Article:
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Amelia SanJon Gallery
Amelia Island Artists Workshop
Sandra Baker-Hinton
218A Ash Street., Fernandina Beach, FL 32034
904-491-8040,  904-557-1195 cell
Amelia Island Artists Workshop (for workshop schedules)

It is the time for Thanksgiving Week to roll around and I am still into catching up with Fall.  To be realistic I probably won't have time to get another story done before Thanksgiving because I am taking off to see Momma Jones up in Northeast Tennessee and I have much to do before I go.  A reminder is that Saturday the 24 th is Small Business Saturday.  American Express will give you $25 off a purchase if you preregister starting November 18.  This to remind you that there is a limited number so jump on it.  Who can't use an extra $25 with which to shop.  Go online with American Express to register and then come see me.  I am one of the merchants you can use your AmEx card with and earn $25 credit on your card.  I am working really hard to get another load of glass done before then.

As Sea Turtle Season wound down, and I only have the number of nests left which I could count on one hand, I began to find that I was rushing through the morning seeing how quickly I could get finished, allowing myself to sleep in another 15 minutes and still get back home in time to get ready for work in leisure.  

And then one morning I just stopped and had a good talk with myself.  "Self", I said, "what are you doing? At best you only have a few more weeks of this special time, so stop and smell the seaweed."  I had been doing what I urge others to not do.  Speeding though life without stopping to see and feel the world as it flies by.  Once again I allowed myself to savor my time on the beach, soaking up and appreciating all the little things that I love to see and discover.

I had taken a stroll on the docks the evening before and observed this big fellow filling its tanks with gasoline.  At that point the gas pump gauge was whirling around to some $1400.  I was aghast, but the attendant in the little marina supply store told me that it would take another 30 to 45 minutes to just fill up and that the total bill would come to $6000 or more.  Hard for me to even comprehend that, when I don't ever fill up my automobile tank completely, because I can't stand to see the gauge to go over $60.  I just wondered what kind of mileage one would get with that tank of gasoline and no wind power.  

Someone had wanted me to post a photo of a Bay Tree that I am always talking about being the host plant for the Palemedes Swallowtail Butterfly.  It reminds me of the smaller leafed Little Gem Magnolia but once you break a leaf and put it to your nose smelling the delicious fragrance it releases you know the difference.

Another beautiful morning with an equally beautiful lady, one of my friends, Brenda, who walks with her 90+ year old mother on the beach most mornings.  Since they do not walk the same distance or the same pace I meet one heading one way and the other heading in the opposite way.  Brenda has been raising money for a school in Ethiopia in which she taught as a young Peace Corp worker.  She married the Priest and took him away, but that is another story that she would have to tell you.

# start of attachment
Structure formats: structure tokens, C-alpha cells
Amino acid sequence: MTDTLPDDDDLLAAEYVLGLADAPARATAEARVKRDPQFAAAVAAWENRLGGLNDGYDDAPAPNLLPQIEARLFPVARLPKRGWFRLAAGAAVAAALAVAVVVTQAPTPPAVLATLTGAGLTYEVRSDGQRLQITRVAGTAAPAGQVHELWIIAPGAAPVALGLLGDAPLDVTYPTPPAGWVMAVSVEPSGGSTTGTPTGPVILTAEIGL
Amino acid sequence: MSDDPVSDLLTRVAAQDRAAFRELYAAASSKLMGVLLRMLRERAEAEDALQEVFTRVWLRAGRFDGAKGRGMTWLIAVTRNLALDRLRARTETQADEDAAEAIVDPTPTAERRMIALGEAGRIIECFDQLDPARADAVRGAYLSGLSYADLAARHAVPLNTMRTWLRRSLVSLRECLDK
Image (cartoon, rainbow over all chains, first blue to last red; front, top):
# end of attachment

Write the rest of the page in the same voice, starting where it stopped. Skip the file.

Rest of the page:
When we went to excavate this nest we found this poor little fellow was trapped by one small root which had grown into the nest and had intercepted his route on the way up.  Only the tip of his nose was sticking out.  I had remembered seeing it 2 days before as we checked post-hatching, but I thought it was a small crab hole in the nest.  I felt so badly when I realized this little guy had been sitting there trapped and struggling for all that time, trying to get that vine from around his shoulders.  He must be so tired.

Although its shell was a tiny bit mis-shapened from the experience he was able to make it into the water just fine.  We carried the two of them part way to the water.  It is important for them to go through the whole process naturally, even if it is shorter.  Some how and at some time it is imprinted in their brains to return to the beach some 25 years from now and we do not like to interfere with that process by putting them directly into the water.  They need to experience it all.

Another problem love affair as the object of his affections gets herself stuck in the muck of wet sand, which has quickly become a hard prison encasing her as the water goes out with the tide.  He being oblivious to her plight just keeps on with his wooing efforts.

Mornings come and go as I enjoy each one, taking time to reflect on what I am seeing, and looking for new treasures and adventures to be brought in from the sea.

Back on the home front our "little boy" had found a place he had claimed as "his".  The same knot hole in the big oak outside our bedroom window which our first squirrel, Shelly had used in the beginning.  One morning after he had moved out, I heard this noise which sounded like a cat noise.  I went out to check on what it was and it was Peanut, loudly exclaiming to the world that this was his place.  It was as if he were saying "mine, mine, mine.

The Monarchs had started showing up as I would watch them float over the river on their way South.  I would see them on my own butterfly weed and see them laying eggs.  My plan for providing a habitat was working.

As I left the back of the park one day I had to stop and see the fluttering flowers along the roadside.  These were the Gulf Fritillarys on the Spanish Needles.  They were just so pretty.

They were everywhere along the road side looking like a bed of orange flowers mixed in with the white ones.